August 6, 2021
(LONDON, UK) – Breaking Boundaries, a Netflix documentary narrated by Sir David Attenborough, a British environmental broadcaster, released earlier this summer, shows how human actions have damaged the earth’s environment to its “tipping point” of no return.
“The most important scientific discovery of our time– [is] that humanity has pushed Earth beyond the boundaries that have kept Earth stable for 10,000 years,” Netflix said about the documentary.
Attenborough provides evidence through various testimonies from leading scientists in the field, laying out how humans have irretrievably damaged the Earth’s environment, climate and biospheres. The documentary presents irrevocable visuals of the dilapidation of the Amazon basin, melting glaciers, loss of biodiversity across the planet, damage caused by bushfires in the 2019-20 Australian summer, and the bleaching of coral reefs, all of which are captured through the series’ editorial and journalistic vision.
“We are heading for a future where the Great Barrier Reef is a coral graveyard,” Attenborough says.
Attenborough’s intention is clearly to shake everyone into action by showing that if humanity doesn’t act immediately, it would be too late to save our planet. “The science is clear on what humanity needs to do,” Professor Johan Rockström, one of the scientists interviewed in the documentary says.
Attenborough emphasizes how the Earth’s climate is almost at its tipping point of no return by showing the emotional toll this issue is taking on the scientists’ studying it.
Professor Terry Hughes, Australia’s leading coral scientist, breaks down in tears while talking about the decline of Australia’s coral reef due to the increasing temperature and acidity of the ocean.
“It’s a job I hoped I would never have to do because it’s actually very confronting…” Hughes says.
Australian scientist Dr. Daniella Teixeira poignantly says, “There’s no sign of any wildlife at all,” and “there’s nothing left” while walking through a landscape of burnt, mangled, and blackened animals in the aftermath of the Australian bushfires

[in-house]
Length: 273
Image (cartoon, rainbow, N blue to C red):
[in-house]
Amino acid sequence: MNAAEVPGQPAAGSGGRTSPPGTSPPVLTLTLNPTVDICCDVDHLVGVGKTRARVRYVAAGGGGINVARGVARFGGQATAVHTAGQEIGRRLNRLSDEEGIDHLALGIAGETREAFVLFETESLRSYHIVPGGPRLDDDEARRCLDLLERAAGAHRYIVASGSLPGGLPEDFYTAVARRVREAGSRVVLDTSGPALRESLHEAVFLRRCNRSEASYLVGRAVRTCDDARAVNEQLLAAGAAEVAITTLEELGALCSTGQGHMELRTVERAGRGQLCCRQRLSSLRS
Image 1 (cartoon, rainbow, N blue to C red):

This documentary serves as an excellent piece of advocacy journalism because it makes its case by showcasing interviews from various climate scientists, provides scientific evidence through experts and research, while also curating videos of actual environmental damage. It offers scientific information of which the public needs to know. It also brings the crisis alive for its viewers by using great visuals. One of the most haunting of these being the video of a solitary, skinny, and confused polar bear drifting alone on a tiny piece of ice in the vast blue ocean.
Attenborough could have made it more objective by giving voices to a small scientific community who argue that human activities do not cause climate change. He also touches little on how animal agriculture contributes to increasing carbon dioxide emissions.
Regardless, the documentary would pave the way for further pieces of advocacy journalism which would show the impact of climate change by taking their viewers to the very places bearing the brunt of the crisis through videos, images, and taking them directly to the scientists studying it.
The message advocated by the documentary that everyday people can and must put in place the solutions to keep our planet habitable is likely to make at least some skeptical viewers think twice about how human activities have brought the Earth to its brink, and jolt them into action.
“The future is not determined, it is in our hands,” Attenborough says.